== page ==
Don't bale out at the slightest dip

What are the real warning signs that an investment may go sour?

Whether it's a share or a unit trust, a stockmarket investment takes time to grow. But giving it enough time is not always easy - you have to keep calm enough to view the day-to-day price fluctuations philosophically. If it's a long-term investment, say advisers, you should not jump out at the slightest dip in prices.But what are the real warning signs that an investment may go sour, and how often should you review your portfolio?

It depends whether you hold shares individually, or have stakes in collective investments such as unit trusts or investment trusts, advisers say. "With direct share investment you've got to be a very active investor," says Jason Hollands of discount brokers Best Investment. "Newsflow will have a dramatic effect on your portfolio."

But an investment fund is different, according to Mr Hollands. "The point with buying a fund is that you are contracting out the decision-making." Best Investment sends out reviews to its clients every quarter and Mr Hollands says scrutinising your portfolio more frequently than that is not a good idea. "We think there is a danger if you're looking at these things too closely you can end up not seeing the bigger picture," he says.

Take the technology sector. Thousands of small investors have bought into investment funds which hold shares in companies involved in the fast-growing internet, telecommunications and biotechnology industries. Following astonishing performance last year and this, many market players are now worried that recent weakness could herald more falls in shares prices to come.

So is now the time to sell collective technology investments and buy European equity funds instead? No, says Mark Dampier, head of research at brokers Hargreaves Lansdown. Hang on for the long-term. Assuming you had good reasons to invest in that sector, if you wait, it will pay off, he says.

"What you are aiming for is a fund that is above average for its sector," he says. "The sector may be going down the tubes (at any particular time), but eventually it will come good. No market has ever been down for 25 years," he says. All markets and industrial sectors follow economic cycles.

Those who have been invested in Japanese funds in the last 10 years know what it is like to watch your assets dwindling. From 1990 to 1998, £1,000 in the average Japanese unit trust withered to around £850. But investors who managed to hang on rather than sell at a loss were rewarded with the latest phase of phenomenal stock price growth. That same £1,000 investment would be worth £1,528 according to financial data provider Moneyfacts - representing an annual rate of return over the period of just under five per cent.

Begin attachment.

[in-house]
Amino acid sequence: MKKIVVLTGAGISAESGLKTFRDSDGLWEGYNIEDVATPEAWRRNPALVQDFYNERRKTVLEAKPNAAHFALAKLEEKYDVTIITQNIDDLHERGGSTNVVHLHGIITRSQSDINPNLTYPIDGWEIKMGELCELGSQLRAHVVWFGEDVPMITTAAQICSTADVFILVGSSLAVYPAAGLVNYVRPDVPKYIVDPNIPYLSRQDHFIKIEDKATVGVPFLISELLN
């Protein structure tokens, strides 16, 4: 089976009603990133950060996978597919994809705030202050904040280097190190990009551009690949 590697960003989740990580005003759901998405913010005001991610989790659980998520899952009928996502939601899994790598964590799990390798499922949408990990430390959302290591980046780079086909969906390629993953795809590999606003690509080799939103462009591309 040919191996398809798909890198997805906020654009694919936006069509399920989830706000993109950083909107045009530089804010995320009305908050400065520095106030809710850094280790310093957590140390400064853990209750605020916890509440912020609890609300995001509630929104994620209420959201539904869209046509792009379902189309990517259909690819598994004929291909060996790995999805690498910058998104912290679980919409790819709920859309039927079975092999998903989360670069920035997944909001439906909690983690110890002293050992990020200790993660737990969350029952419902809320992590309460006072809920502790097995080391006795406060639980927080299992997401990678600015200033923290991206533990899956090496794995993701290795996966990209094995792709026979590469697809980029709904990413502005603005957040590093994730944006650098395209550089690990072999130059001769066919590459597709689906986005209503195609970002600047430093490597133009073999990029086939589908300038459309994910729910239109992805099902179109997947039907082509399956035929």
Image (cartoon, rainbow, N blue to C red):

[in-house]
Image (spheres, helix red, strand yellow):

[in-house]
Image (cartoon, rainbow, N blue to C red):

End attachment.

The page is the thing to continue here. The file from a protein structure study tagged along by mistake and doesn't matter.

One sound reason for switching investment fund - within the same sector - is if the fund manager leaves. Often a fund's reputation is based solely on the proven skill of the individual picking out the stocks. Mr Hollands says a change in fund manager will have a major impact on the performance of most unit trusts, but this is not going to happen overnight, so it is no reason to monitor your trust on a daily or even weekly basis. But barring events such as the resignation of a fund manager or the discovery that the fund management group behind the investment is in huge problems, an investment could easily stay in place for 10 years, he says.

This is particularly true for investments which accumulate through regular savings, says Mr Dampier. If you are putting £50 or £100 a month into an equity ISA, for example, it takes about 12 years for the investment to become large enough to be worth moving.

Roddy Kohn of Bristol-based IFAs Kohn Cougar says you should review your investments at least once a year. And apart from checking on developments which could affect the fund itself, you should take a look at your original aims and objectives in taking that investment out in the first place.

He says: "Your circumstances could have changed. You may have made a lot of money in technology and want to consolidate those profits." While he agrees that you have to let time do its work, he cautions against sticking stubbornly with past decisions.

But selling a fund when performance has already seriously waned is often simply shutting the stable door after the horse has bolted. "The key thing is to pick up on things that might lead to problems," says Mr Hollands.

The trouble with chopping and changing investments, says Mr Dampier, is that you might make mistakes. Every investment decision involves the decision to sell and the decision to buy. There is a real risk that one of these moves will be wrong, he says.

"I would guess that if people had stuck to their original funds, they would have done better than they have," he says. So stick with your investments if you can, otherwise the only winner may be the broker who takes the commission.

Hargreaves Lansdown: 0117 988 9880

Kohn Cougar: 0117 946 6384 Best Investment: 020-7321 0100